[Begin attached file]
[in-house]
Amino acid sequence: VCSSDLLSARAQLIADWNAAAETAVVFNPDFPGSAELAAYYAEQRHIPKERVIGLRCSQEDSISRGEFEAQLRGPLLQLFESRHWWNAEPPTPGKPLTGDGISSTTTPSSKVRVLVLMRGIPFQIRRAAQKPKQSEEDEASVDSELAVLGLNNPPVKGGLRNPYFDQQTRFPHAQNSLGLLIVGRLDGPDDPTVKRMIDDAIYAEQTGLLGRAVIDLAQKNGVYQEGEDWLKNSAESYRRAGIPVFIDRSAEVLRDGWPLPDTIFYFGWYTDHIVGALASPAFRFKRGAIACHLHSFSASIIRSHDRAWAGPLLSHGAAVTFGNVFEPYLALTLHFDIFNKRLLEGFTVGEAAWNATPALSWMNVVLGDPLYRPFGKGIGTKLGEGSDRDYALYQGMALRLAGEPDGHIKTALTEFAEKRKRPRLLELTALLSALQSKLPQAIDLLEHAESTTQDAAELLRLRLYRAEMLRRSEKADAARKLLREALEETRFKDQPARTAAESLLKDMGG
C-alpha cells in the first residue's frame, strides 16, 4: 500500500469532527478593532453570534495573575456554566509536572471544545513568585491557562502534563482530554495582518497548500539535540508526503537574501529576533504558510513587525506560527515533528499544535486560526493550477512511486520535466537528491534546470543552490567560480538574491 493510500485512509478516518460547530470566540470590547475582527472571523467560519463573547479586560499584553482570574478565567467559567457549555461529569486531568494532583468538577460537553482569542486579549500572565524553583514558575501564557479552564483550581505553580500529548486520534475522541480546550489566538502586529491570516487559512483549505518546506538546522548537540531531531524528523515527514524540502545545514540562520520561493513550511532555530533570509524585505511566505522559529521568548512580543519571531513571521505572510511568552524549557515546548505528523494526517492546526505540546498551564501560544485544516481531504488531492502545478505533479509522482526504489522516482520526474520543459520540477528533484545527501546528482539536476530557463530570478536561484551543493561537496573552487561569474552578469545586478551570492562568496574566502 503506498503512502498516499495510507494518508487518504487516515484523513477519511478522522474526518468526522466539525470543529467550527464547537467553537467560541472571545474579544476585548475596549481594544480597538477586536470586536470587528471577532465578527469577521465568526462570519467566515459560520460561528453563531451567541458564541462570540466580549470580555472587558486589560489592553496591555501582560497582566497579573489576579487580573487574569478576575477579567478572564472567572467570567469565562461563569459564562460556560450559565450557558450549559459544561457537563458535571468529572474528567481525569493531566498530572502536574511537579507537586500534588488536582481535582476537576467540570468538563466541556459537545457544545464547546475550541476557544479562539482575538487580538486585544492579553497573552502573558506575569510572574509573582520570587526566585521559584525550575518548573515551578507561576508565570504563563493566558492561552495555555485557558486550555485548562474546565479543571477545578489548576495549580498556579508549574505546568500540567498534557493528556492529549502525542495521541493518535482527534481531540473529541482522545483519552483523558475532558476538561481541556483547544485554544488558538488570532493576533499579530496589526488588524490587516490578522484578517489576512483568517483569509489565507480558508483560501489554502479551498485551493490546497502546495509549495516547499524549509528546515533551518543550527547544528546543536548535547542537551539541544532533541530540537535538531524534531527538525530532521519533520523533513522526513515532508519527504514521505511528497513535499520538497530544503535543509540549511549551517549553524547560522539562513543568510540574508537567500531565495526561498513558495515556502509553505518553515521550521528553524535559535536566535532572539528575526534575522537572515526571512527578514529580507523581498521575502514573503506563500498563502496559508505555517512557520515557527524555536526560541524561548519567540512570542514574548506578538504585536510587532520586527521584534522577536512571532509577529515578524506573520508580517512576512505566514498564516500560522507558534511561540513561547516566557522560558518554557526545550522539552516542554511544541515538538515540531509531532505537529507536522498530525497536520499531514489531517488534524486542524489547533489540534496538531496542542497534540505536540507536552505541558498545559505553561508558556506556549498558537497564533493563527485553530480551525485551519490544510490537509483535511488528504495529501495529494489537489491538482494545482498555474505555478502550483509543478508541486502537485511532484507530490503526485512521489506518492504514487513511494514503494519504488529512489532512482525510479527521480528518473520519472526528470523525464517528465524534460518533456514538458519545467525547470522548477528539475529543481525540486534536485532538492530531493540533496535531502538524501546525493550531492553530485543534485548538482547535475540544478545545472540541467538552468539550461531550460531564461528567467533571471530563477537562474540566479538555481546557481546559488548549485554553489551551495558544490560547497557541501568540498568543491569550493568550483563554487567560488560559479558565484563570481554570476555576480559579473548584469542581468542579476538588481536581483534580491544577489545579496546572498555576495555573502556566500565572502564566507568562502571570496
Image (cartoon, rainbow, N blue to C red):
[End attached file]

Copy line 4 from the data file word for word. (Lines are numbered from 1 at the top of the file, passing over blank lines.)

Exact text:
Image (cartoon, rainbow, N blue to C red):